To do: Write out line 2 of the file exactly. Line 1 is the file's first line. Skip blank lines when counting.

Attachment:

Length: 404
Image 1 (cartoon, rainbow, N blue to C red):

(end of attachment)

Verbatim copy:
Image 1 (cartoon, rainbow, N blue to C red):